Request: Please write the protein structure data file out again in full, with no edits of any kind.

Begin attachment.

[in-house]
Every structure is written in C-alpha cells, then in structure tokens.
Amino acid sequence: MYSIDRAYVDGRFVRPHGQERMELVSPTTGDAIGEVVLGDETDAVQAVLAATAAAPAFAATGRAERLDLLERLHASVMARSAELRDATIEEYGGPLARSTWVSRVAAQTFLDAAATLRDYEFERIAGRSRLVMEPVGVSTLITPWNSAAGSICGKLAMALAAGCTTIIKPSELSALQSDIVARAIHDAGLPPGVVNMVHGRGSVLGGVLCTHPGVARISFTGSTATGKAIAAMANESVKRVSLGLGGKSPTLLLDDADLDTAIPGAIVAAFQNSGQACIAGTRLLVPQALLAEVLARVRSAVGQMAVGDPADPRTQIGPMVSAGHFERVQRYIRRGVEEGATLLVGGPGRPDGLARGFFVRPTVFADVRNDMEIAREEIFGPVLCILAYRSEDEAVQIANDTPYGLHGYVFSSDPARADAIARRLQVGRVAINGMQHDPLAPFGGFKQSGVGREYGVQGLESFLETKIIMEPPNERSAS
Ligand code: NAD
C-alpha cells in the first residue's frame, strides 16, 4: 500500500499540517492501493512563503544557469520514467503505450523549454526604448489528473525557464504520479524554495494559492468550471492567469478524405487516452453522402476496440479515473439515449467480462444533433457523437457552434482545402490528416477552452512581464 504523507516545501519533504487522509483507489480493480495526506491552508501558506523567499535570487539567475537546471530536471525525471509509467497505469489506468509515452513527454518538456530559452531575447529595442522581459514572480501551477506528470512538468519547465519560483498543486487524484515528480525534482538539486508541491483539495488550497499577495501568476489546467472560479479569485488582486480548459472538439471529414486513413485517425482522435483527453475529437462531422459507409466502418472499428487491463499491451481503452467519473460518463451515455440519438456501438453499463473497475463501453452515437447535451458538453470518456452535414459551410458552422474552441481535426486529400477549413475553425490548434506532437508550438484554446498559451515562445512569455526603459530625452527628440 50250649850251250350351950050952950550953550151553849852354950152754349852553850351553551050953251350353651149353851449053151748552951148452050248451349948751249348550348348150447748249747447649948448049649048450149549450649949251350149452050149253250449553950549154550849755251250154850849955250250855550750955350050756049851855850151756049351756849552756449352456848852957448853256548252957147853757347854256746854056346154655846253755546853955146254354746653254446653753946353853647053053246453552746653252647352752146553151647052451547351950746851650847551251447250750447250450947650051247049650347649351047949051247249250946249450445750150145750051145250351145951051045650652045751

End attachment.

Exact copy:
[in-house]
Every structure is written in C-alpha cells, then in structure tokens.
Amino acid sequence: MYSIDRAYVDGRFVRPHGQERMELVSPTTGDAIGEVVLGDETDAVQAVLAATAAAPAFAATGRAERLDLLERLHASVMARSAELRDATIEEYGGPLARSTWVSRVAAQTFLDAAATLRDYEFERIAGRSRLVMEPVGVSTLITPWNSAAGSICGKLAMALAAGCTTIIKPSELSALQSDIVARAIHDAGLPPGVVNMVHGRGSVLGGVLCTHPGVARISFTGSTATGKAIAAMANESVKRVSLGLGGKSPTLLLDDADLDTAIPGAIVAAFQNSGQACIAGTRLLVPQALLAEVLARVRSAVGQMAVGDPADPRTQIGPMVSAGHFERVQRYIRRGVEEGATLLVGGPGRPDGLARGFFVRPTVFADVRNDMEIAREEIFGPVLCILAYRSEDEAVQIANDTPYGLHGYVFSSDPARADAIARRLQVGRVAINGMQHDPLAPFGGFKQSGVGREYGVQGLESFLETKIIMEPPNERSAS
Ligand code: NAD
C-alpha cells in the first residue's frame, strides 16, 4: 500500500499540517492501493512563503544557469520514467503505450523549454526604448489528473525557464504520479524554495494559492468550471492567469478524405487516452453522402476496440479515473439515449467480462444533433457523437457552434482545402490528416477552452512581464 504523507516545501519533504487522509483507489480493480495526506491552508501558506523567499535570487539567475537546471530536471525525471509509467497505469489506468509515452513527454518538456530559452531575447529595442522581459514572480501551477506528470512538468519547465519560483498543486487524484515528480525534482538539486508541491483539495488550497499577495501568476489546467472560479479569485488582486480548459472538439471529414486513413485517425482522435483527453475529437462531422459507409466502418472499428487491463499491451481503452467519473460518463451515455440519438456501438453499463473497475463501453452515437447535451458538453470518456452535414459551410458552422474552441481535426486529400477549413475553425490548434506532437508550438484554446498559451515562445512569455526603459530625452527628440 50250649850251250350351950050952950550953550151553849852354950152754349852553850351553551050953251350353651149353851449053151748552951148452050248451349948751249348550348348150447748249747447649948448049649048450149549450649949251350149452050149253250449553950549154550849755251250154850849955250250855550750955350050756049851855850151756049351756849552756449352456848852957448853256548252957147853757347854256746854056346154655846253755546853955146254354746653254446653753946353853647053053246453552746653252647352752146553151647052451547351950746851650847551251447250750447250450947650051247049650347649351047949051247249250946249450445750150145750051145250351145951051045650652045751